Everyone always talks about the incredible college experience, how you will find the friends you will keep for life. The movies depict it as one of the easiest things to do. You accidentally run into someone at a club fair and then, flash forward a year, the two of you now formed an inseparable group of four. I consider myself to be quite the idealist when it comes to romanticizing every aspect of my life to make the horrible truths easier to handle. I like to think it stems from all of the fantasy books read throughout my life. Stepping into my first semester on a college campus, I realized that those movies don’t completely depict everything you face once you are there.
Transferring to a different university in 2020 formed a combination of challenging external factors.
Coronavirus turned into a pandemic and the world shut down. The isolation and deaths affected many, myself included. Over time I began to find comfort with keeping my own company. I kept in contact with my few friends from high school, though I couldn’t do much to see them. My mother was immunocompromised, and I didn’t dare risk bringing anything back to her. I reread book series and laid out in the sun whenever I could. I even started to go out on walks with nothing more than my headphones and some good music. I continued to keep to myself and the longer that I stayed alone, the more that I began to enjoy my own company.
I hoped much wouldn’t change when I decided to attend university a thousand miles from my hometown. I thought that I would step into this experience with a newfound love for myself and a confidence that only my middle school self could match. I tried to savor each moment of that imaginary confidence and joy while they lasted, only for them to fester into a bundle of nerves the closer I came to actually leaving. It took a while to realize that I would truly have no one once I was at college. My family and friends lived too far away from me to visit. I attempted to play it off as though I didn’t care, as if I would find my footing no matter what once I arrived. Everyone always says the human spirit will always preserve. I chose to believe that.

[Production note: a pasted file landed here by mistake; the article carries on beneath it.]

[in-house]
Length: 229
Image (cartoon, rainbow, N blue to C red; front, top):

Yet, nothing prepared me for just how alone I felt once I stepped foot on campus.
Because of Covid, the college cancelled all the traditional activities meant to help first-year students form connections. Classes completely moved online. I spent days cooped up in my dorm room, binging shows over and over again to help calm my own anxieties. The college didn’t allow us to have roommates, which isolated me even more. I thought that I understood my introversion and that I could handle this type of loneliness. I handled it exceptionally for months until that point. But this felt unlike any I had experienced before. The calls and texts to my friends and family served as my reminder of the distance between us. That distance left a gaping hole in my heart, one I couldn’t fill. I was utterly alone.
I eventually attempted different activities to dull the pain the hole brought. I reorganized and cleaned my room more times than I could keep track of. No variation of furniture helped. I found myself complacent in a bubble of my own creation.My anxiety reached an all-time high with the stress from my classes only increasing it. I broke out in stress-hives and refused to leave my bed.
It took me a long time to recognize that I’m my own problem. If I truly wanted to break this miserable pattern I found myself in, I would have to be the one to take the first step in changing it.
I tried to find comfort in the loneliness I was experiencing much like I did before, when the world shut down. I set realistic goals that I knew I could accomplish, such as exploring the streets alone and taking in the sights of this new city. The sheer amount of people surrounding me during my adventures led to a shock in my system after the isolation I experienced for most of the year. Discomfort immediately overcame me and I almost ran back to my dorm room. However, I forced myself to continue to push the limits of my comfort zone. This led to me slowly beginning to fall in love with my own company once more. I relearned the importance of savoring each little moment that you can get to yourself. I treated those moments like a treat, one that I might not receive again. This helped my confidence grow. Finally, I felt like the person that I thought I lost forever.
It took me months to relearn that the people will come into your life as they are meant to. Don’t try to rush or force the things that will come to you in due time. Find joy and safety in your own company. The rest easily follows.